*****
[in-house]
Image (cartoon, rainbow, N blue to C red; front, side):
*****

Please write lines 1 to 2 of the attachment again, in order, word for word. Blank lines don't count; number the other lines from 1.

[in-house]
Image (cartoon, rainbow, N blue to C red; front, side):